Breed white clover hybrids with other legumes to get more drought-tolerant nitrogen fixers: In Rainer Hofmann’s view, this has been the most promising strategy so far. White clover has been crossed with another clover species (Trifolium uniflorum). Resulting plants still spread with stolons along the soil’s surface, but a larger tap root. Plants have a similar growth habit to white clover but more resistance to drought. Again, the trade-offs are slower establishment and lower yields under ideal growing conditions (about 65-75% the yield of Kopu II under ideal moisture conditions). AgResearch has further adopted this breeding project and expects to have commercially-viable seed available in 5 years.
Drought-proofing for today: Breeding projects and new plants for the future are all well and good, but what can farmers do this year for nitrogen fixation on dry pastures? Two tried-and-true practices may not sound exciting but they do work.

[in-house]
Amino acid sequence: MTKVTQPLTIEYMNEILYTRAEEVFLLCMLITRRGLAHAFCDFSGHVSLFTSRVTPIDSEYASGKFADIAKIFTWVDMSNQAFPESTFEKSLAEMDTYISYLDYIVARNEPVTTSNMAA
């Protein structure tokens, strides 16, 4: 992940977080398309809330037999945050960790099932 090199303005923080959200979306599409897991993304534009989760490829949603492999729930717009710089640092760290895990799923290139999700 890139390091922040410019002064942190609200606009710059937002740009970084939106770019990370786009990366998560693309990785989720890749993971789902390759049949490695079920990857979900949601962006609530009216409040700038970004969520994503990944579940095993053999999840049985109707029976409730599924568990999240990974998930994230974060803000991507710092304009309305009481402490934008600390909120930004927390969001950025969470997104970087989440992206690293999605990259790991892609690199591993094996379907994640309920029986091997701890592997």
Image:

Lucerne is a nitrogen-fixing species with a huge tap root, hefty N-fixation, and good productivity—higher than that of white clover. The challenge is that Lucerne is so aggressive that it doesn’t pair well with the customary ryegrass used extensively in New Zealand. It can be planted with grasses (e.g. cocksfoot) but the grazing management will be different than a white clover/ryegrass mixture. It can be done though, and many farmers do it! The easiest (and more widespread) use of lucerne is as a monoculture for grazing and hay production. In these systems grazing animals get the extra fibre they need in their diet from pure grass swards or dry hay.